Thursday, August 23, 2007

Progress or Politics?

With her directive that all New Jersey law enforcement officials notify federal authorities when a suspected illegal immigrant is arrested for an indictable crime or drunken driving, state Attorney General Anne Milgram has apparently taken an important first step in dealing with illegals and sanctuary.

Has the Corzine administration had an epiphany, prompted by the execution of three college students at the hands of illegals, or are they simply attempting to take the issue off the table in the upcoming election?

As Conservatives with Attitude's Hank Butehorn points out, "The Devil is in the Details."

Hank argues that Milgram's directive has actually limits law enforcements authority to act under section 287g of the 1996 Immigration and Nationality Act:

However, a significant concern is raised by Directive 7. That Directive applies to state law enforcement officers with federal immigration enforcement authority pursuant to what is commonly referred to as “287(g);” a section of the 1996 Immigration and Nationality Act. The concern stems from the fact the Directive constitutes state action that basically removes much of a 287(g) officers authority.

How did they do this? Well Directive 7 says that a 287(g) officer cannot exercise that authority “unless and until the officer has arrested an individual(s) for violation of an indictable offense, or for driving while intoxicated, under state law.” However, that limitation is not
placed upon such officers by the 287(g) program; in contrast, the 287(g) officer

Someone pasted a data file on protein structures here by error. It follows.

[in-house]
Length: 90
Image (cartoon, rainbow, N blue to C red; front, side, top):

has greater latitude to determine a person’s legal status under the 1996 Act.
And, in fact, a 287(g) officer can ask about legal status merely upon reasonable
belief the person is in the country illegally; there is no requirement the
suspected illegal be under arrest for an indictable offense, or any offense at

Basically, the state took the opportunity in the Directive to
significantly limit and impair a sanctioned immigration officer’s ability to do
their job in that role. 287(g) officers are specifically tasked to investigate,
apprehend, and detain illegals. But, the New Jersey Attorney General is limiting
the circumstances where they can do that job.

Further, such officers - pursuant to the Act - are under the sole direction and supervision of the
Attorney General; however, that is the U.S. Attorney General, not New Jersey’s.
So, ultimately, in effect, the state took the opportunity to act as the Federal
government so as to dictate, and limit, federal enforcement of federal
immigration law - something the Constitution places solely with the Federal
government - and, hence, give sanctuary to many illegals.

While state officials continually say they are not responsible for setting national
immigration policy, or enforcing immigration law, they have taken such a step by
controlling how an official properly authorized to carry out that role is
permitted to do their job as such.

Why limit this directive to indictable offensives and drunken driving? Tax evasion is an indictable offense, but we're not likely to see cops on the beat demanding that grass cutters or bus boys produce their pay stubs.

The use of 287g should be expanded, not limited. Officers should be empowered to invoke 287g during traffic stops and for disorderly persons offenses. Code enforcement officers and educators should be empowered to report illegals to the feds.

Illegals make a rational decision when they come here. There is very little risk and enormous rewards. It is long past time to change that equation. We need to make it riskier to be here illegally and reward those who immigrate within the system and assimilate to our society. We don't need to put walls along our border to do this. Enforcing the laws already on the books and depriving services from illegals would do it.

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